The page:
Acceptability of the “MOVEdiabetes” physical activity intervention in diabetes primary care settings in Oman: findings from participants and practitioners

Thamra S. Alghafri (Lead / Corresponding author), Saud M. Al Harthi, Fatma Al-Ajmi, Yahya Al-Farsi, Angela M. Craigie, Elaine Bannerman, Annie S. Anderson

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Background: Adequate physical activity (PA) is considered essential in diabetes management. However, evidence on the best method of promoting PA within diabetes care is inconclusive. The current work identifies perceptions on the acceptability of Intervention Group Participants (IGP) and Project Officers (POs) about the “MOVEdiabetes” intervention programme aimed at increasing PA in adults with type 2 diabetes in Oman (a retrospectively registered trial).

Methods: The “MOVEdiabetes” programme (PA consultations, pedometers and WhatsApp messages) was delivered by the POs (primary health care practitioners) in four primary care centres within a one-year cluster randomised control trial. Recruitment and retention were measured from trial attendance records. Programme satisfaction, appropriateness, and content suitability were assessed using exit surveys for both the IGP (interview based) and POs (self-administered). Open text questions on perceptions to the study programme were also included.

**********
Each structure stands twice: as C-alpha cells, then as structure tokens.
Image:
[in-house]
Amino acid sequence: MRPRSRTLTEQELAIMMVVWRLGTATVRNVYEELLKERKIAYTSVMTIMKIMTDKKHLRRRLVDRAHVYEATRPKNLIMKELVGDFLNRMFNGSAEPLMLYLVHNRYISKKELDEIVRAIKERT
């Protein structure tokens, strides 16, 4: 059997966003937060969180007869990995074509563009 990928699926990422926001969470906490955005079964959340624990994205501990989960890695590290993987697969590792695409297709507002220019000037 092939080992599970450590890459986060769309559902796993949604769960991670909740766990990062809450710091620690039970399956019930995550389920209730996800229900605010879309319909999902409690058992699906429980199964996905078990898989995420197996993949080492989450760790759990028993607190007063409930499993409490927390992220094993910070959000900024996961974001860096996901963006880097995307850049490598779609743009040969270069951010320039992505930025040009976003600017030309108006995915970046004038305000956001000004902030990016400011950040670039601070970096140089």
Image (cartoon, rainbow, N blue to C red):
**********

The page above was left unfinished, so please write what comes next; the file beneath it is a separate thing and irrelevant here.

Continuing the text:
Results: Participants were randomised to an intervention group (IG, n = 122) or comparison group (CG, n = 110). The overall retention rate at three and 12 months was 92.7% [110(90.2%) IG vs 105(95.5%) CG] and 75% [82(67.2%) IG vs 92(83.6%) CG] respectively. Most (n = 14, 87.5%) POs and more than half (n = 49, 59.8%) IGP perceived the programme as very appropriate and many reported that they were “quite/ very satisfied” with the programme (n = 16, 100% PO’s and n = 71, 86.6% IGP). Two thirds (n = 55, 66.0%) of IGP were very/quite likely to recommend the programme to others. PA consultations, use of pedometers and Whatsapp messages were well perceived by all. Participants recommended the inclusion of dietary advice and PA promotion for the general public. Exploring PA facilities within the community was suggested by POs.

Conclusions: The “MOVEdiabetes” programme achieved a high retention rate and was perceived as satisfactory and appropriate. Results from this study suggest that it is worthwhile exploring the use of the “MOVEdiabetes” programme in clinical practice and further community links.

Trial registration: International Standard Randomised Controlled Trials No: ISRCTN14425284. Registered retrospectively on 12th April 2016.
Original languageEnglish
Article number887
Number of pages10
JournalBMC Public Health
Publication statusPublished - 8 Jun 2020


  • Intervention
  • MOVEdiabetes
  • Oman
  • Physical activity
  • Primary health care
  • Recruitment and retention
  • Type 2 diabetes

ASJC Scopus subject areas

  • Public Health, Environmental and Occupational Health


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